Where to find multiplexers?

I was just wondering where I could find multiplexers and/or shift registers that would work well with Arduinos. Or will all of them work with Arduinos?

pretty much all of them would work, its more of a question of your application of them

Well I'm just planning ahead. I haven't bought anything yet, I just wanna know what I should get. I just want them so I can have extra inputs/outputs if I happen to need them later.

Well if you don't need yet and you don't know what to buy yet, why worry? You won't know what you need until you need it. In other words, you have two unknowns. Solve one and you'll be in a much better position to decide.

True, true... But I just want to know of places that sell the stuff. I couldn't find any on Sparkfun, and looked on Google with no results either.

I have several 8051's laying around, they're 8-bit multiplexers. They're usually referred to by number, so you can find heaps in the catalogs of (local) IC farms.

Alright thanks. I’ll probably find some laying around somewhere.

where you buy them kinda depends on where you are, assuming your in the states digikey or mouser would be my top 2 picks

True, true... But I just want to know of places that sell the stuff. I couldn't find any on Sparkfun, and looked on Google with no results either.

http://www.sparkfun.com/commerce/product_info.php?products_id=9056

True, true... But I just want to know of places that sell the stuff. I couldn't find any on Sparkfun, and looked on Google with no results either.

http://www.sparkfun.com/commerce/product_info.php?products_id=9056

yea at nearly 6 times the price ::)

http://www.mouser.com/ProductDetail/Texas-Instruments/CD74HC4067E/?qs=sGAEpiMZZMutXGli8Ay4kIw6S1qvfJXbnY%252bcJhbp9Pk%3d

but if you want to get that cute little red board in a cute little red box that took 80 engineers to develop then be my guest ;)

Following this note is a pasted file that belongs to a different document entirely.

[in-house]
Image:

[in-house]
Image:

but for 87 cents Ill just get the pdip version at mouser k thx

Haha thanks guys, and FYI, I might actually need the "cute little red board in a cute little red box" because I'm just not that advanced. :'(

why? its the same part just in a smaller package on a board, your still going to have to learn how to use them no matter which way you go

get a solderless breadboard, you will want one anyway, heck you could probably get both for 5 bucks and the dip package just plugs in along with whatever else you need for whatever project

In my opinion, this is one of those things that does not benefit from a breakout board... in fact, it'll just make it more annoying, since you'll want to hook it up to a solderless breadboard anyways (you don't buy such a breakout to embed in a final application board.. and if that isn't the case, you'll want a solderless breadboard for testing purposes).

DIP packages aren't scary (they even have a mark that says "this way up"), the datasheet of multiplexers is quite clear... so meh.

Everybody to their own. The sparkfun board is small, clean looking, and has the appropriate resistor and capacitor mounted on the board. I've used 4051 dip chips on project boards (never used breadboards in projects) and placed them inconjunction with other components. With the individual chips I always get several when ordering since the price is usually low.

I was thinking more along the lines of the chips you have to solder, but I just realized that it would be easier to use a DIP would be easier to use. Also, there's a huge difference in price, as one of you mentioned. I found an accelerometer on Sparkfun with a breakout board that was $25, then I went on Digi-key and found the exact same chip without a board that was around $5. I'm just afraid of solder :-[

oh soldering is not bad, it just takes a few times of practice and anyone can do it

you can get some old alarm clock or something for a quarter at the thrift store and practice on that, or a fun little kit if you want a blinking snowman or something

something you do have to watch out for is SMD parts, as they are really close together on the pins, which is why breakout boards are good

otherwise be careful with the iron (like un plug it when your done, dont lick the hot end etc) and it quickly becomes like using a pen

Hmm, licking the tip of the iron, that sounds pretty fun. I used to solder a little with my dad but I have a really shaky hand and have been known to solder two contacts together accidentally. I guess getting better at soldering would be a pretty good start if I wanna start working on electronics, now wouldn't it?

Thanks for your help though, I appreciate it. I might actually stick around at this forum. :)

no problem

also when I first started soldering I had the same issue, if nothing else watching that tip wobble around gets you to focus on it, and in no time it starts smoothing out

plus you learn a lot of little tricks that are kind of hard to teach

And there's always sockets & wirewrappiing, make a mistake, design change, easy to undo & adjust. Well, I guess some soldering too to hold the sockets in place.

Or here - just wirewrapped to the leads of diodes!

heh yea wirewrap

I borked all the pictures on my webserver, but here is a hackaday link to the first (and last so far) thing I wirewrapped

http://hackaday.com/2010/06/03/wire-wrapping-an-led-matrix/